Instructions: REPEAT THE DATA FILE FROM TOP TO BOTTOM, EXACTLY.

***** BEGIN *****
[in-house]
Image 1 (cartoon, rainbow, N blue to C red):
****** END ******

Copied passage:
[in-house]
Image 1 (cartoon, rainbow, N blue to C red):